Prop 19 would’ve made the consumption and controlled distribution of marijuana legal in California according to state law. The proposition failed when it was put on the November 2010 ballot, however, with roughly 54% of voters against it and 46% for it. But the move to make marijuana more than just medicinal in California isn’t going away. It’s certain those who battled to get Prop 19 passed will try again. The effort will inevitably succeed: polls conducted in the Golden State have indicated a steady increase in those accepting of making weed legal or at least decriminalizing it for more than a decade. When it does pass, what will be the effects in the state’s rate of tourism?
There’s no doubt that if all Americans were capable of legally consuming cannabis in one state and one state only, it would ignite an onslaught of outside visitors. According to the National Survey on Drug Use and Health 25.8 million Americans consume cannabis at least annually and more than 16 million Americans smoke marijuana monthly. There’s really no way these individuals would deny themselves the luxury of taking the drug legally, as well as explore all of the marijuana “enhancements” a state where the drug has been legalized can offer: paraphernalia, culinary infusion, et cetera.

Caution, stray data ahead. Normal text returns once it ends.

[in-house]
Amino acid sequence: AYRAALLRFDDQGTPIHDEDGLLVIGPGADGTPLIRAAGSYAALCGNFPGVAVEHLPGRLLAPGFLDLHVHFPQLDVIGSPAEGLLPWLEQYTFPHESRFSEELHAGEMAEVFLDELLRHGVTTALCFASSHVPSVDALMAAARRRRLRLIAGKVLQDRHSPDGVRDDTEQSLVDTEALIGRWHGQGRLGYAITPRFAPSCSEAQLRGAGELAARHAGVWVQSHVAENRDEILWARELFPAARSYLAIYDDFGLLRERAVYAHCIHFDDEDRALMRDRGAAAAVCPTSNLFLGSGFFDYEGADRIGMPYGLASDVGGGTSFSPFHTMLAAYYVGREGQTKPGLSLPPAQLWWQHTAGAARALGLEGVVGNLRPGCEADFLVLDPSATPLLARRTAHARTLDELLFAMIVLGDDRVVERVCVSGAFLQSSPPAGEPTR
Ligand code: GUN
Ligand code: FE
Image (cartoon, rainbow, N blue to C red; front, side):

This is especially the case when you consider California’s preexisting lures of tourism. Napa wine country? Try taking tours of marijuana fields, sampling different “buds” at the end of the day. Maybe it’s not your thing, but for millions of Americans it’s the very definition of a good time. But it’s the addition of California’s beauty, the perfect temperatures, world renowned cities, and historical stature that makes the potential for a marijuana tourism boom to really bolster the weakening west coast economy. People won’t just journey into California to experiment with the novelty of legalized cannabis; they’ll want to see one of the most famous geographical locations on the planet.
Californians who sill view the legalization of cannabis in their state – the nine percent that chose to bury Prop 19 – should seriously consider the ramifications for the introduction of a new industry in their state. It’ll bring people, who bring money. California has endless beauty and represents the ideal notion of American possibility, yet the state’s economy is more than at a standstill; it teeters on the edge of a cliff. Millions of visitors could mean billions of dollars.
The money to be made will eventually make the interest to keep California cannabis legal only for those who receive medical permission to consume it an impossible case to make. Scientific evidence overwhelmingly indicates that marijuana is virtually harmless to the human body. Economic evidence indicates marijuana is virtually a saving grace for the California tourism industry. When the day comes when California makes cannabis legal for all, the biggest problem might be making sure there’s enough for everybody.